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Since Huawei was banned, is the UK's 5G service the worst in Europe?

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The UK began removing Huawei devices from its phone network in 2020 to defend national security. Unfortunately, this approach has had several ramifications, including the lowering of service levels.

Huawei, a major telecom infrastructure company, was thrown out, leaving a gap that has been hard to fill, resulting in poor service for UK customers.

Security experts and UK government officials, encouraged by the USA, raised concerns about Huawei's presence in crucial infrastructure, leading the UK government to announce it would remove Huawei equipment from its 5G networks as fast as possible.

The fact that the U.K. prohibited Huawei from its 5G networks and ordered the removal of its equipment may now explain the poor performance of the UK’s 5G.

In a recently published report, the internet and quality testing company MedUX found that London's 5G network is the worst in Europe. Berlin has the strongest 5G coverage in Europe at 89.6%. It is also the greatest site for 5G streaming overall, with latency under 40 milliseconds.

Berlin, Barcelona, and Paris scored highest in Europe on MedUX's 5G quality standard. In second place were Lisbon, Milan, and Porto.

However, London was near the bottom of European 5G networks. MedUX reports that 77.5% of city residents have 5G phones, below the city average.

London has sluggish downlinks. MedUX statistics show that the city's average download speed is 143 Mbps, compared to 528 Mbps in Lisbon, 446 Mbps in Porto, and 326 Mbps in Barcelona.

MedUX also published information showing that British carriers are inferior to European operators at 5G.

EE ranks 12th out of 36 European carriers for 5G network quality, according to MedUX. Vodafone is 24th, Three 33rd. Number 36 is O2.

The UK's 5G network may be underperforming because Huawei was blacklisted.

BT's 5G network began construction in 2019. EE and Vodafone released the first super-fast internet deals in the country that year.

In 2020 the U.K. government ordered Huawei to remove all 5G technology by 2027.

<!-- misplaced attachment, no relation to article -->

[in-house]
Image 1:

British carriers are criticising the move because it will disrupt their rollouts, but they have rushed to remove Huawei equipment from their core and non-core networks.

The change was expected to boost national security and reduce reliance on foreign providers, but it has been difficult to implement, affecting end customers.

The lack of vendors to replace Huawei's leaving has been a major issue. Only a few businesses can provide large-scale infrastructure and equipment for the telecom industry worldwide. Getting rid of Huawei has hampered network upgrades and deployment, delaying high-speed internet deployment and providing bad service.

Huawei equipment is expensive and hard to remove, putting telecom carriers under further strain. Customers pay more for service because replacing almost new equipment, renegotiating contracts, and rearranging networks costs a lot. Removing Huawei has caused network outages and service interruptions, which has enraged people used to continual connectivity.

Another effect of the Huawei ban is to hinder UK telecom innovation and technology. Huawei led 5G development and deployment worldwide. Now not available in the UK, operators can't leverage its cutting-edge technology and experience. The UK is trailing other nations in building 5G networks and taking advantage of its business opportunities. Old infrastructure limits users' access to fast-connection-required services and apps.

Taking down Huawei equipment has also strained UK-China relations, which could affect commerce and investment. Critics believe the move casts doubt on the UK's commitment to a free and open market and that China may retaliate by disrupting global supply chains.

Huawei equipment was removed from the UK telecoms network for security reasons, however, its subsequent ban and removal have had unintended negative impacts on users in the UK.

Due to a lack of effective alternatives and the difficulty and cost of removal, service quality has declined and the country has fallen behind in technology. Over time, politicians and industry stakeholders must work together to fix these concerns and reduce user impact while protecting the UK's telecoms infrastructure.

Next time you struggle for a decent 5G signal on your mobile phone, ask yourself "why?"



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